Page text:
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Monday 23 October 2017
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Innovation: Driving improvements in safety from pharmacist to patient

MEETING REPORT

Improving safety from pharmacy to every point of care was the theme of the BD-supported satellite symposium convened on 23 March 2017 at the 22nd EAHP Congress in Cannes, France.
 

Presentations focused on:
 

  1. Reducing risk of exposure to contamination inside isolators during the preparation of injectable antineoplastic drugs
  2. Use of an integrated software system to reduce medication errors, enhance patient safety and improve compounding workflow
  3. Integration of an automated dispensing system cabinet with robotic storage and dispensing to save time in delivery to wards, decrease the incidence of inaccurate delivery to the wards and increase patient safety
  4. Enhancing patient safety in intensive care units by implementation of a comprehensive programme to reduce errors in the intravenous administration of medication

Decreasing the risk of contamination in isolators

The first description of the risk of exposure to antineoplastic drugs was published by Falck in the Lancet in 1979 (Falck K, et al. Lancet 1979;1(8128):250-1), when he and his colleagues reported that unprotected nurses who worked in an environment in which hazardous drugs were prepared and administered had high levels of mutagenic substances in their urine as compared with non-exposed nurses. Patients receiving the antineoplastic drugs were also reported to have high levels (relative to control) of antineoplastic drugs in their urine.
 

Sources of contamination with hazardous drugs are widely reported and include the external surfaces of vials, the inside surfaces of biosafety cabinets/isolators, preparations sent to the wards and various locations in the wards (including seats on which patients sit and toilets where drugs and/or metabolites are eliminated through the excreta).
 

A number of recommendations for the safe handling of hazardous drugs have been published in North America and in Europe, the first in 1981 by hospital pharmacist associations. The first European recommendations were published in 2007. Recommendations include those from the Occupational Safety and Health Administration, the National Institute for Occupational Safety and Health, the American Society of Health-System Pharmacists (ASHP), the Oncology Nursing Society, the Pharmaceutical Inspection Co-operative Scheme and the International Society of Oncology Pharmacy Practitioners (ISOPP). Some national guidelines or standards may also be applicable depending on the country.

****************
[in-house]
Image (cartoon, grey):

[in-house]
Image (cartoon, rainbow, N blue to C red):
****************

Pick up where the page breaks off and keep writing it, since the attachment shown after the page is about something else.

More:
Current recommendations include:
 

  • The wearing of personal protective equipment for all operators in contact with antineoplastic drugs
  • Compounding with laminar air-flow hoods/barrier isolators
  • Using specific devices (ISOPP), specifically:
    • Class I: to protect the handler from the outside of the vial/ampoule
    • Class II: to protect the operator during drug preparation
    • Class III: to protect the patients during the administration of cytotoxic drugs

Nicolas Simon described the challenges his institution faced when moving from an older workplace environment consisting of isolators with drug storage inside and use of needles and double-canal spikes, to a new compounding unit, without disrupting the delivery of 40,000 preparations annually. Key to the project was the adoption of a closed system transfer device (CSTD) that could ‘… mechanically prohibit the transfer of environmental contaminants into the system and the escape of hazardous drug or vapour concentrations from the system’ (ASHP, 2006).
 

In vitro studies have shown that BD PhaSeal™ was the only one of the CSTDs that did not release vapour of titanium oxide into the environment. Despite the availability of many in vitro studies, only those carried out in real situations may truly evaluate the devices. Studies in North America of contamination inside biosafety cabinets before and after implementation of BD PhaSeal have shown a significant decrease in the number of positive samples in the case of cyclophosphamide and ifosfamide, and in the case of cyclophosphamide, a decrease by a factor of ten in the amount of drug retrieved from the surfaces. The results varied between pharmacies.
 

To test BD PhaSeal against standard devices for the decontamination of isolators, the Lille group conducted a six-month study in two isolators, for which contamination results were not revealed to the pharmacy team throughout the study. It showed that, with more than 20,000 preparations, there was:
 

  • An average 50% decrease of contamination for the ten drugs tested when BD PhaSeal was used versus standard decontamination procedures
  • At least a 50% decrease in contamination on gloves, window and worktop for BD PhaSeal versus standard decontamination
  • An up to 72% decrease in cumulative drug amount on surfaces (gloves, window and worktop)

Tests comparing CSTDs with standard cleaning processes in ensuring isolator glove, window and worktop sterility showed variability in reducing contamination.